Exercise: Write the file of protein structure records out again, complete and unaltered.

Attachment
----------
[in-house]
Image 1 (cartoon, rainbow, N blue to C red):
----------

[in-house]
Image 1 (cartoon, rainbow, N blue to C red):